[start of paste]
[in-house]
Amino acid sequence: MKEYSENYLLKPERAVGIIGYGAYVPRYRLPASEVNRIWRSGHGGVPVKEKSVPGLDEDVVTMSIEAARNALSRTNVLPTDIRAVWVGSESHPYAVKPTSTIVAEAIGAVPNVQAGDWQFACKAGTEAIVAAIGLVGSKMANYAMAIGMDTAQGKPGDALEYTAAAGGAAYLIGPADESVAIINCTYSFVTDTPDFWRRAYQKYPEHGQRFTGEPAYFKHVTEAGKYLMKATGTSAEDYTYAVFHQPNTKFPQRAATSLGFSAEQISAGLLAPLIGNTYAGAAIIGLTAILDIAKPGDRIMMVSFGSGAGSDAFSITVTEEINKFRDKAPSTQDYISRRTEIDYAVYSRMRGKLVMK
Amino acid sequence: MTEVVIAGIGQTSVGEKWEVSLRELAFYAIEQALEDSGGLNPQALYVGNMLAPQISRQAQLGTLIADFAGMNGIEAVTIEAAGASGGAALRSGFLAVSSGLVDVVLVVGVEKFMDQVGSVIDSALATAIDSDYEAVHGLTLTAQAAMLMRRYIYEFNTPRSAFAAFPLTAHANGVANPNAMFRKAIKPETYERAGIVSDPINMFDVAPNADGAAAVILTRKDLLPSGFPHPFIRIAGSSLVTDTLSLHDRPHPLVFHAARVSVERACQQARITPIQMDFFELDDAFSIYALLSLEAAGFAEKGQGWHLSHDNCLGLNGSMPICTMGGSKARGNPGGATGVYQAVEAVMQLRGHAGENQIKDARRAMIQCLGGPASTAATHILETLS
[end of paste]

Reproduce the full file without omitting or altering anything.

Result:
[in-house]
Amino acid sequence: MKEYSENYLLKPERAVGIIGYGAYVPRYRLPASEVNRIWRSGHGGVPVKEKSVPGLDEDVVTMSIEAARNALSRTNVLPTDIRAVWVGSESHPYAVKPTSTIVAEAIGAVPNVQAGDWQFACKAGTEAIVAAIGLVGSKMANYAMAIGMDTAQGKPGDALEYTAAAGGAAYLIGPADESVAIINCTYSFVTDTPDFWRRAYQKYPEHGQRFTGEPAYFKHVTEAGKYLMKATGTSAEDYTYAVFHQPNTKFPQRAATSLGFSAEQISAGLLAPLIGNTYAGAAIIGLTAILDIAKPGDRIMMVSFGSGAGSDAFSITVTEEINKFRDKAPSTQDYISRRTEIDYAVYSRMRGKLVMK
Amino acid sequence: MTEVVIAGIGQTSVGEKWEVSLRELAFYAIEQALEDSGGLNPQALYVGNMLAPQISRQAQLGTLIADFAGMNGIEAVTIEAAGASGGAALRSGFLAVSSGLVDVVLVVGVEKFMDQVGSVIDSALATAIDSDYEAVHGLTLTAQAAMLMRRYIYEFNTPRSAFAAFPLTAHANGVANPNAMFRKAIKPETYERAGIVSDPINMFDVAPNADGAAAVILTRKDLLPSGFPHPFIRIAGSSLVTDTLSLHDRPHPLVFHAARVSVERACQQARITPIQMDFFELDDAFSIYALLSLEAAGFAEKGQGWHLSHDNCLGLNGSMPICTMGGSKARGNPGGATGVYQAVEAVMQLRGHAGENQIKDARRAMIQCLGGPASTAATHILETLS